Bord Bia Export Performance and Prospects report clearly demonstrates that increased output does not always translate into good returns for farmers, according to ICSA president Patrick Kent.

He said as the ICSA sees from the figures, an increase of 13% in beef production resulted in a paltry 1% rise in the value of beef exports, showing that increasing output has been of little value to the economy, and has actually had a negative effect for many farmers.

“While output increased by 13% last year, beef prices fell by an average of 11%, a completely unsustainable price drop,” he said.

According to Kent, Bord Bia themselves admit in the report that beef consumption was sluggish across most markets last year, yet farmers are constantly being told that they need to increase output.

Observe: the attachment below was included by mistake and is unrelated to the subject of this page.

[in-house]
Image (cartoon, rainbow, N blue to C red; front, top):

The ICSA is adamant that any future food production strategy must focus on profitability as opposed to increasing output, and  the recent Bord Bia export figures further reinforce that view, it says.

Five years of growth

Aidan Cotter, Chief Executive, Bord Bia this week outlined the background to the fifth consecutive year of export growth for the food and drink industry.

He said that, in 2014, exports grew by 4%, representing an expansion of 45% or €3.2 billion since 2009. The strongest performing sectors were dairy product and ingredients which exceeded the €3 billion mark (+3%), prepared foods (€1.8 billion, +8%) and seafood (€540 million, +8%).

Cotter highlighted the significant shift in the destinations for Irish exports in 2014 with international markets showing renewed growth, reflected in a 15% increase in trade to stand at €3 billion or 29% of total food and drink exports.